“Pavel Ivanitch!” the turner cried in surprise, seeing the doctor before him. “Your honor, benefactor!”
He wanted to leap up and fall on his knees before the doctor, but felt that his arms and legs would not obey him.
“Your honor, where are my legs, where are my arms!”
“Say good-by to your arms and legs.... They’ve been frozen off. Come, come!... What are you crying for? You’ve lived your life, and thank God for it! I suppose you have had sixty years of it—that’s enough for you!...”
“I am grieving.... Graciously forgive me! If I could have another five or six years!...”
“The horse isn’t mine, I must give it back.... I must bury my old woman.... How quickly it is all ended in this world! Your honor, Pavel Ivanitch! A cigarette-case of birchwood of the best! I’ll turn you croquet balls....”
The doctor went out of the ward with a wave of his hand. It was all over with the turner.
The deputy examining magistrate and the district doctor were going to an inquest in the village of Syrnya. On the road they were overtaken by a snowstorm; they spent a long time going round and round, and arrived, not at midday, as they had intended, but in the evening when it was dark. They put up for the night at the Zemstvo hut. It so happened that it was in this hut that the dead body was lying—the corpse of the Zemstvo insurance agent, Lesnitsky, who had arrived in Syrnya three days before and, ordering the samovar in the hut, had shot himself, to the great surprise of everyone; and the fact that he had ended his life so strangely, after unpacking his eatables and laying them out on the table, and with the samovar before him, led many people to suspect that it was a case of murder; an inquest was necessary.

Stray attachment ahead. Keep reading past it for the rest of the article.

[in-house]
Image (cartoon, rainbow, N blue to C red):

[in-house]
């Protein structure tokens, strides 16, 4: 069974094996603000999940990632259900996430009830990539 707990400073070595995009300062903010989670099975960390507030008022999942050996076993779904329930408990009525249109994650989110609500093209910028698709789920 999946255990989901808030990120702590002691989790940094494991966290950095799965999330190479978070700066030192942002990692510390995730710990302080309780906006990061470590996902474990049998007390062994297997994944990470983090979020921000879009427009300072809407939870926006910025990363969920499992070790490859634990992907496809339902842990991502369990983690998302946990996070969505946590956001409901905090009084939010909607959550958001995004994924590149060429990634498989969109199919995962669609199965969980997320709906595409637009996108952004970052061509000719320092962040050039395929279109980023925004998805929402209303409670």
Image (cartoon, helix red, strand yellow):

In the outer room the doctor and the examining magistrate shook the snow off themselves and knocked it off their boots. And meanwhile the old village constable, Ilya Loshadin, stood by, holding a little tin lamp. There was a strong smell of paraffin.
“Who are you?” asked the doctor.
“Conshtable,...” answered the constable.
He used to spell it “conshtable” when he signed the receipts at the post office.
“And where are the witnesses?”
“They must have gone to tea, your honor.”
On the right was the parlor, the travelers’ or gentry’s room; on the left the kitchen, with a big stove and sleeping shelves under the rafters. The doctor and the examining magistrate, followed by the constable, holding the lamp high above his head, went into the parlor. Here a still, long body covered with white linen was lying on the floor close to the table-legs. In the dim light of the lamp they could clearly see, besides the white covering, new rubber goloshes, and everything about it was uncanny and sinister: the dark walls, and the silence, and the goloshes, and the stillness of the dead body. On the table stood a samovar, cold long ago; and round it parcels, probably the eatables.